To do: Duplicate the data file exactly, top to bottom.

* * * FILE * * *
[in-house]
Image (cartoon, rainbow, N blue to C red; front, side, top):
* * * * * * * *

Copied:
[in-house]
Image (cartoon, rainbow, N blue to C red; front, side, top):